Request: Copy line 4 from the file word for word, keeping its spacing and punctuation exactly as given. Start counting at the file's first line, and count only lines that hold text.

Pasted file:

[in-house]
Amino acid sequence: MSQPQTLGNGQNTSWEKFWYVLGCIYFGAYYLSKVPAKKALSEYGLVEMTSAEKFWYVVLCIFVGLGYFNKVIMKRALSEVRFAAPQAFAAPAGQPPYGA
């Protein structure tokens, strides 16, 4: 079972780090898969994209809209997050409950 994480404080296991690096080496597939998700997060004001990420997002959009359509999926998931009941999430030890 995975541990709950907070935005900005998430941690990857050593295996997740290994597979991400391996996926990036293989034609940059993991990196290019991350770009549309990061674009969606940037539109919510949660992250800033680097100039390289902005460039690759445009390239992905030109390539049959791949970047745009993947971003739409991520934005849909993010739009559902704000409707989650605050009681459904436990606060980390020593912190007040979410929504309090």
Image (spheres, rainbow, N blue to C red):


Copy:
Image (spheres, rainbow, N blue to C red):